It’s that time of the year: your schedule is packed, you’re never sure what day of the week it is, and you can’t tell if it’s going to feel like summer or a blizzard outside. You’ve finally gotten used to writing “2019” instead of “2018” when dating your papers, and you feel like you made your New Year’s resolutions ages ago. February and March are busy months for Montrosians. Thankfully, the special lineup of speakers propelled us through our school activities.
They served as a reminder to take a moment and reflect upon where we are in life and where we are headed. From stress management, to keeping an open mind about our futures, to the importance of friendship, their advice and encouragement resounded with all students.
First, we heard from Head of School Dr. Karen Bohlin, during Wednesday’s Common Homeroom. She spoke to us about our “stress tests” in daily life -- how the situations we encounter, and how we respond to them, affect ourselves and others. We heard the story of Sir Nicholas Winton, who quietly rescued hundreds of children from Nazi Germany during World War II. Winton demonstrated humility and courage throughout his life, providing us with a role model. Dr. Bohlin taught us that we can practice Winton’s virtues on a smaller level, especially in our daily lives. Teaching ourselves to reflect, recalibrate, and respond (our Life Compass) can set us on track to reach our goals, both big and small, while helping us strive for greatness.
“Dr. Bohlin uses really good metaphors,” said Tory Kretching ‘19, “I enjoyed her story about Winton. She connected to us really well.” Other Montrosians agreed and said they appreciated the clarity of the anecdotes in her speech. Amelia White ‘25 said: “I love history, and I didn't know about the man that Dr. Bohlin talked about. It was interesting and different.”
On Thursday, upper school students listened to one of three speakers during M-Block. Each student chose to attend a talk by either a physician, software architect, or lawyer. Dr. Jehanna Peerzada, a Montrose alum and parent of Julie Baker ‘23, spoke to students about her work as a physician. In the past, Dr. Peerzada has worked as a teacher, in the emergency room, and now focuses on Bioethics research. “I love my job,” she said, “I’d do it for free if I could.” She explained how many steps it took to reach her current career position and how life can guide you through many different paths before you even know who you want to be.
“Take all the experiences in front of you,” she told Montrosians. “It doesn’t matter if it ends up as what you’re going to do, because it’ll teach you something. Every little experience can lead you to your next step, or your next mentor.” Especially for students interested in medicine, Dr. Peerzada's lessons were useful and encouraging.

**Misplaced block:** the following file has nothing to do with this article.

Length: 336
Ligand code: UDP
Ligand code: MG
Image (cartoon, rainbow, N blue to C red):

Some students chose to hear from a software architect during M-Block. Mr. Wes Dunnington, parent of Emma Dunnington ‘19, is the field CTO for Ping Identity, and has worked in software for over 25 years. “He talked a lot about balancing between work and life, and how to balance a career,” said Neha Sunkara ‘21. Mr. Dunnington also explained why his job matters in the world today, especially in the STEM world. Students from the computer science classes and other students with interest in STEM careers enjoyed hearing his first-hand experience in software industry.
Concurrent to these two speakers, Mr. Jim Scamby, parent of Ciara Scamby ‘21, explained his work as a lawyer. Mr. Scamby explained that, contrary to common assumption, studying law involves many different facets and interests. “His talk was very detailed and it helped us understand many different fields of law,” said Faith Chen ‘22.
“Mr. Scamby helped us understand that being a lawyer isn’t just standing up and arguing,” said Issie Russo ‘21, “It also involves a lot of behind-the-scenes work.”
On Friday, Dr. Kerry Cronin returned to Montrose to speak to upper school students and parents about the importance of forging strong relationships with others. Dr. Cronin, also dubbed “the Dating Professor” at Boston College, has spent many years teaching students about the importance of emotional vulnerability. She is especially famous for The Dating Project, an annual assignment for her BC freshmen that requires them to ask someone on a “traditional date.” Dr. Cronin’s students have two weeks to walk up to somebody they feel attracted to, ask them on a date, make plans with them, and come back to her class to talk about the date experience. A documentary film was created featuring her assignment. Montrose parents had the opportunity to view the movie and speak with her about it on Friday evening.
Dr. Cronin spoke to two groups of upper school students about the importance of friendship. Dr. Cronin asked us to reflect on what kinds of friends we have, and how we can be a better friend to others. Students appreciated how engaging her talk was. “She made us and our friendships important. She didn’t preach; she spoke to us,” one student said.
Dr. Cronin taught us that the when we time to recognize our flaws, the more we can build our capacity to become a better person and a better friend. These friendships can influence and offer support during many aspects of our lives, especially when we feel stressed or upset. On Friday evening, Montrose hosted a parent education evening to view Dr. Cronin's film and engage with her in discussion.
As we enter into the spring season, Montrosians will return to sports practices, start preparing for AP testing, and rehearse for the spring musical. The lessons from the speakers we heard from will guide us through whatever challenges we encounter, and remind us all to keep moving forward. Thank you to Dr. Bohlin and to all those who organized last week’s speaker smorgasbord.